The backlog of Colorado air pollution permit applications has doubled since the first of two recent EPA ozone downgrades that expanded the number of ozone-contributing polluters who meet the threshold for regulation, state officials said.
The backlog could grow by hundreds more when the EPA finalizes another downgrade of the state’s ozone failure to the even more “severe” level, though companies have a year after they are reclassified to seek permits for the new threshold.
The growing backlog is one reason environmental groups continue to win state district court orders directing Colorado regulators to finish permits faster and bring pollution sources under greater control. A state district court judge in mid-September ordered Colorado health department officials to finish an overdue permit for a large oil and gas wastewater site in Garfield County, and the state finalized it Oct. 1.
WildEarth Guardians filed another state district court lawsuit in late September to force Air Pollution Control Division action on an oil and gas facility in Arapahoe County. The overdue permit fits a pattern where the state allows new oil and gas and other pollution sources to begin work under construction permits, then falls years behind in finishing the more rigorous limitations of a Title V Clean Air Act operating permit, the environmental group says.
“It just seems outrageous that in the midst of this backlog crisis, which has left many of the state’s largest polluters unscrutinized, and in the midst of such major air quality challenges, that they would continue to give the green light to more emissions until they’ve gotten things under control,” said Jeremy Nichols of WildEarth Guardians.
The state has the authority to call a “timeout” on new construction permits that would worsen air quality, Nichols said. A coalition of environmental groups and local governments has asked the Air Quality Control Commission to pause oil and gas operations in Colorado’s hot summers as one fix for the ozone problem that led the EPA to downgrade the northern Front Range counties to “severe” violation levels.
State officials say construction permits are enforceable while operating permit applications are under review. They add that they are using a large budget increase from the 2022 legislature to add regulators who will help reduce the backlog of TItle V operating permits in coming years.
“We are significantly improving our ability to tackle the backlog that has accrued largely because of being short-staffed,” Air Pollution Control Division spokeswoman Leah Schleifer said. The fiscal 2023 budget that began July 1 authorizes 27 new hires for Title V permitting over two years, she said.
There were 54 overdue Title V operating permits in September 2020, Schleifer said. By Sept. 1, she said, that number had grown to 107 overdue permits, after the EPA’s reclassification from “moderate” to “serious” ozone violations in late 2019. That reclassification lowered the threshold at which companies needed to seek an operating permit, to emissions of 50 tons a year of certain regulated pollutants from 100 tons a year.
But the workload will grow even as the staff increases.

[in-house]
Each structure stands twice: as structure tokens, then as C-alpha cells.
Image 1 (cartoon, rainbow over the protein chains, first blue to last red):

This year, the EPA announced it will further downgrade the northern Front Range’s ozone problem to “severe,” from the current “serious” category. That move will further lower the threshold for stationary pollution sources needing a permit to anything over 25 tons a year.
In earlier interviews, state air pollution control officials said the latest EPA move means state permits will be required for 473 more sources of pollution that contribute to ozone. That will nearly triple the “major source” locations that need to be permitted, to a total of 730, state officials said earlier this year.
The WildEarth Guardians lawsuit in Arapahoe County says True Oil received construction permits to start operating an eight-well oil and gas pad and hydrocarbon separation unit east of Aurora in 2018. The site could emit up to 85 tons of volatile organic compounds in a year, above both the thresholds for the 50 tons per year “serious” ozone violation areas and 25 tons per year for “severe” ozone violation areas.
True Oil applied for ongoing operating permits with the Air Pollution Control Division in December 2020, giving the state the statutory 18 months to review and decide by June 2022, the lawsuit said. The state has not acted on the permit.
State officials said they could not comment on litigation like the WildEarth Guardians lawsuit.
By failing to act on the permit and properly regulate pollution from True Oil, the state exposes WildEarth Guardians members in Arapahoe County to harm and avoids public hearings required in the permit process, the lawsuit says.
“Defendants must take timely action on this operating permit application to ensure adequate protection of air quality and public health in Colorado and to provide for public participation in and scrutiny of the regulation of air pollution from Highlands Pad,” the lawsuit said. Once a draft permit is issued, advocates can object at public hearings and also through the EPA permit review process.
True Oil, which is not a defendant in the lawsuit, said it did not want to comment.
Environmental groups have seen success in recent years suing over both late permits and late renewals of existing permits. A 17th Judicial District judge said in January that the state had taken far too long in renewing permits for the Suncor oil refinery in Commerce City, and that the state needed to act “without delay.” One of Suncor’s major permits expired in 2012, and the other in 2018. State regulators finally issued the permit for Suncor’s Plant 2 this year, while the expired permit covering plants 1 and 3 is still under review. WildEarth Guardians has also brought similar action against the overdue state permit for the West Elk coal mine on the Western Slope.
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